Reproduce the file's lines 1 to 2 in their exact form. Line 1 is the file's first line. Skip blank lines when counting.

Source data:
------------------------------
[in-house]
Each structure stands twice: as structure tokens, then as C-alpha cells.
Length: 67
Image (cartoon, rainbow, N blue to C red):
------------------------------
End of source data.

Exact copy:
[in-house]
Each structure stands twice: as structure tokens, then as C-alpha cells.